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I would note that many other scientific (and more practical) fields that deal with complex systems have gone route 4. Like climate, or hydraulics, or materials resistance. There is nothing wrong in going for simulations.

As someone who does simulations for a living (in the private sector) I would be very hesitant to trust anyone's model in such a data sparse field as macroeconomics. Because stochastic simulations are so sensitive to the initial conditions the "overfitting" problem becomes extreme. When you have only a couple hundred (or dozen?) data points and over five parameters it is almost too easy to replicate the data. That is why I always trust the accuracy of the parameter values (i.e. how stable is the price level) rather than the ability of the model to match the data.

honeyoak: the point of simulating here, though, is just to solve a model that does not have an analytic solution. There is no issue of measuring or calibrating stochastic model parameters ("fitting") from historical data. It's just a glorified numerical integration. The model remains exactly as (un)trustworthy as it ever was.


The "as a check" point is key here in my opinion. No model is "right". Anyone who thinks their model is "right" is deluded. Each model, hopefully, just helps piece together the picture. Using different approaches as checks on each other is a hugely valuable process. I find I learn most in economics when I come across a situation where model 1 says X and model 2 says not-X, because working out why usually tells me something I didn't know before.

"4. Same as option 2, except you also do a few computer simulations ("agent based modelling"?) as a check to see if your hand-waving intuition is roughly right.

"Hmmm. When I started to write this post, I didn't think it would end up as an argument for that conclusion. I am prejudiced against that conclusion, because computer simulations are something I have never done and wouldn't like doing and would be no good at doing. Oh well. Someone else can do it. But I wouldn't trust any of their results unless they confirm my hand-waving intuition."

First, there are simulation systems that let the researcher specify the properties of the agents and run simulations without doing much or any programming. Certainly the nuts and bolts programming has already been done. It is not like the researcher needs to become proficient in computer programming. Mainly they have to be able to specify their model precisely. :)

Second, simulations are direct tests of the model. Not as a real world experiment, but as a thought experiment. The main question, it seems to me, is whether the simulations are qualitatively like real world events. Does a model of markets, for instance, exhibit periods of bull markets and bear markets?

Phil Koop: When (blindly) using a stochastic for integration you are not guaranteed to get a solution. You could also get an infinite number of solutions. That is why researchers "fix" specific parameters to "reasonable" values while integrating over others. Otherwise, this is a grand exercise in tea leaf reading as the model is too complex to shed insight a-priori.

Maybe economists should back up a little bit and start with trying to predict the behavior of groups of chimps first. At least the chimps won't be reading your research papers or be trying to copy your models and then use them to their advantage. One less feedback loop to worry about.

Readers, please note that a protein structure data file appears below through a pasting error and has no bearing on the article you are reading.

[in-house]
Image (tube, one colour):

... BTW, how do you translate "easing monetary policy" into a zoo setting?

Why can you not solve the non-random model?

I'm not an economist, but a mathematician, and pretty much any system of differential equation can be solved numerically with well-known techniques.

What about a numerical solution instead of a analytical solution?

Eigenscape: (I am bad at math).

In the random model, there's a trick that lets you write down an equation for inflation as a simple function of expected inflation next period and output this period.

In the non-random model, IIRC, you get n lags and n leads in expected inflation and output. Yes, you can solve it, but it is an ugly great big equation. And then you have to solve the rest of that model simultaneously with the other equations. It's going to be an ugly mess, and you won't know what it means.

I think ABM will probably end up being the best solution to micro foundation models. That said, as of yet, I think they are basically equivalent to hand waving. Basically the process seems to be:

1. Specify an initial set of rules governing the agents
2. Come up with some Marco data to "calibrate" the model
3. Run the simulations
4. Tweak the rules until the model achieves the desired result
5. Run your experiment
6. Make your claims based on the experiment

In other words, ABM as practiced today in many applications is like data mining. Only it's more difficult to identify. At this point ABM is hand waving hidden under the veil of complex computation. It's no surprise to me that ABM or any type of micro founded model still looses in forecasting competitions. ABM has a long way to go. You can pretty much build a model to produce whatever result you want and there is little to distinguish the good models from the bad. I often wonder if there is a way to mix bayesian model comparison type methods with ABM.

RA: "You can pretty much build a model to produce whatever result you want and there is little to distinguish the good models from the bad."

That is in general true of model building. What makes ABM special in that regard?


You have a point, I just think there is currently very little structure in ABM. It's all over the place and its difficult to separate the wheat from the chafffee. More so than in other areas.

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